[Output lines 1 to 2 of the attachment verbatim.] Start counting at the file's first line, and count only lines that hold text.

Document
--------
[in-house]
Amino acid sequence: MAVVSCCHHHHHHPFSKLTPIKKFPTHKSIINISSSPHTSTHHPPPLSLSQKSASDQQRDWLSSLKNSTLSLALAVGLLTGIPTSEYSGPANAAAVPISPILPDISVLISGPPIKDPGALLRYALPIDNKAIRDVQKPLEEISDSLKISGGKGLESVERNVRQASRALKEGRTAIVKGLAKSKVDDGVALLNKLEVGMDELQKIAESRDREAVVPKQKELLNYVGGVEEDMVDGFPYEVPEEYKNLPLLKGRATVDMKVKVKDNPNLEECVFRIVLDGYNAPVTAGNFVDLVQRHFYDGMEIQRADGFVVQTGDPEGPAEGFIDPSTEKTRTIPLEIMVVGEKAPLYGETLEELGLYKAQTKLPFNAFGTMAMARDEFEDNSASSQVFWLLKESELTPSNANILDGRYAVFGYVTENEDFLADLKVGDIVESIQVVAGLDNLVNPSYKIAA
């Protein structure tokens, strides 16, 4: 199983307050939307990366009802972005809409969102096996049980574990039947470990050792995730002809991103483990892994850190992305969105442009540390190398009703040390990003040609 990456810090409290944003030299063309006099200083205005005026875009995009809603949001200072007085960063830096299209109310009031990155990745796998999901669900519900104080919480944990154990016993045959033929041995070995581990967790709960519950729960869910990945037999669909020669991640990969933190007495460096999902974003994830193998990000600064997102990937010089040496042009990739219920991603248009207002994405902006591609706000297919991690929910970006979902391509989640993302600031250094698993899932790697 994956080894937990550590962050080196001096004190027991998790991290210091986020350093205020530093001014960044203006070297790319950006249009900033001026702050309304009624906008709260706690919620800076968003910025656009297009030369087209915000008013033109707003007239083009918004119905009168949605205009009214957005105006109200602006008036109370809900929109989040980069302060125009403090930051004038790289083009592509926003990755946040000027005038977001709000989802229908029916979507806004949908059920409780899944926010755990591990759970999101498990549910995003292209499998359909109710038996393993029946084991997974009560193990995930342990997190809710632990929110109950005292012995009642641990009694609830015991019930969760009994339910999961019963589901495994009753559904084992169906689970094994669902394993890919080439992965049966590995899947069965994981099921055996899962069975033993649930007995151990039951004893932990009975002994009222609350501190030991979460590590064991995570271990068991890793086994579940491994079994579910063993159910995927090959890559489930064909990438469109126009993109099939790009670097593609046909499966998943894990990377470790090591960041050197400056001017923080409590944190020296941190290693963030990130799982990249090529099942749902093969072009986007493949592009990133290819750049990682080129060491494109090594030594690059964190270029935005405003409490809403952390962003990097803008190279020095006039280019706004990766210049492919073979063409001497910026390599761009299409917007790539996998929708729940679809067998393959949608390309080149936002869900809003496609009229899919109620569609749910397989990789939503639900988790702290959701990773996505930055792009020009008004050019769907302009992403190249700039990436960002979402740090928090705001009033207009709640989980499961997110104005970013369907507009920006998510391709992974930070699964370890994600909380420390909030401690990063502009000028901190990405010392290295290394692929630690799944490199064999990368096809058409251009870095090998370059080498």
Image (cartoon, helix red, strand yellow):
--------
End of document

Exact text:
[in-house]
Amino acid sequence: MAVVSCCHHHHHHPFSKLTPIKKFPTHKSIINISSSPHTSTHHPPPLSLSQKSASDQQRDWLSSLKNSTLSLALAVGLLTGIPTSEYSGPANAAAVPISPILPDISVLISGPPIKDPGALLRYALPIDNKAIRDVQKPLEEISDSLKISGGKGLESVERNVRQASRALKEGRTAIVKGLAKSKVDDGVALLNKLEVGMDELQKIAESRDREAVVPKQKELLNYVGGVEEDMVDGFPYEVPEEYKNLPLLKGRATVDMKVKVKDNPNLEECVFRIVLDGYNAPVTAGNFVDLVQRHFYDGMEIQRADGFVVQTGDPEGPAEGFIDPSTEKTRTIPLEIMVVGEKAPLYGETLEELGLYKAQTKLPFNAFGTMAMARDEFEDNSASSQVFWLLKESELTPSNANILDGRYAVFGYVTENEDFLADLKVGDIVESIQVVAGLDNLVNPSYKIAA